Concept: Fresh Water
Mosses are well known as biomonitors of fresh water for metal pollutants, but no studies were reported so far about their ability to intercept plastic particles, although this kind of pollution has become an urgent issue worldwide. In the present work, the interaction between the moss Sphagnum palustre L. cultured in vitro and polystyrene nanoparticles (NPs) was studied for the first time in a laboratory experiment, in the view of using moss transplants for detecting microplastics in fresh water environments. The ability of S. palustre to intercept and retain polystyrene, and the effects of vitality and post-exposure washing on NP retention by moss were tested. Fluorescence microscope observations showed that polystyrene NPs were retained by moss leaves in form of small (the most abundant fraction) and large aggregates. Particle count analysis highlighted that the number of particles increased while increasing the exposure time. Moreover, moss devitalization favored NP accumulation, likely because of cell membrane damages occurred in dead moss material. Post-exposure washing induced a loss of larger aggregates, suggesting that exposure time is a key point to be carefully evaluated in field conditions. These results encourage the use of S. palustre transplants for monitoring microplastics contamination of fresh water environments.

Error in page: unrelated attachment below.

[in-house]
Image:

Radionuclides released in water systems - as well as heavy metals and organic toxicants - sorb to both the suspended solid particles and the bed sediments. Sorption is usually represented mathematically by the distribution coefficient. This approach implies equilibrium between phases and instantaneous fixation (release) of the pollutant onto (from) the surface of the soil particle. However, empirical evidence suggests that for some radionuclides the fixation is not achieved instantaneously and that the reversibility of the process can be slow. Here the adsorption/desorption kinetics of (60)Co and (137)Cs in fresh water environments were simulated experimentally and later on modelled mathematically, while the influence of the most relevant factors affecting the sorption were taken into account. The experimental results suggest that for adsorption and the desorption more than 24 h are needed to reach equilibrium, moreover, It was observed that the desorption rate constants for (60)Co and (137)Cs lie within ranges which are of two to three orders of magnitude lower than the adsorption rate constants.